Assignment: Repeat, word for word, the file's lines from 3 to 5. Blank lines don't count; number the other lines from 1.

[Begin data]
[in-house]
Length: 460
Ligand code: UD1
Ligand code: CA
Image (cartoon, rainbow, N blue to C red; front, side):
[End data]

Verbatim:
Ligand code: UD1
Ligand code: CA
Image (cartoon, rainbow, N blue to C red; front, side):